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Bush: Nuclear Power Must be Important Part of US Future


President Bush says America needs to rely on alternative sources of energy, including nuclear power, to meet its future needs. VOA's Paula Wolfson reports from the White House, the president focused on the need for more nuclear power plants during a visit Thursday to a facility in the southern state of Alabama.

The president made the case for nuclear energy at a plant that has known its share of controversy over the years.

The Browns Ferry facility was one of the first nuclear plants in the United States in the 1970's, and it was the largest nuclear power producer in the world when it opened more than three decades ago.

But in 1985, it was shut down due to management and operational problems. Now, 22 years later, it is back up and running. "The restart of Browns Ferry Unit Number One represents the first nuclear reactor to come on line in the United States in more than a decade," he said.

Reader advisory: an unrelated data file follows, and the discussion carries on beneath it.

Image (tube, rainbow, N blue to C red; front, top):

Following a tour of the plant, President Bush spoke of the need to encourage more companies to apply for permits to build nuclear power facilities. He said nuclear power must be part of a national energy strategy.

"I believe that it is essential that we have a comprehensive energy policy to be able to deal with the challenges we are going to face in the 21st century - whether that be energy independence, or economic security or good environmental policy. And at the core of that policy must be electricity generated from nuclear power," he said.

Nuclear power fell out of favor in the United States following an accident at the Three Mile Island facility in Pennsylvania in 1979. The Bush administration says since then, improvements in safety technology have made nuclear energy viable once again.

President Bush spoke about the safety issue during his visit to Alabama. "Nuclear power is safe. The sector is one of the safest industries in the United States. Advances in science and engineering and plant design have made nuclear plants even safer than the last generation of plants," he said.

But critics argue they still are not safe enough.

They note the Browns Ferry plant was shut down for several days after its reopening last month due to safety concerns.

When asked about the closure, a White House spokeswoman said it is not unusual for nuclear power plants to experience a few problems when they come back on line, adding officials worked quickly to make the needed adjustments.

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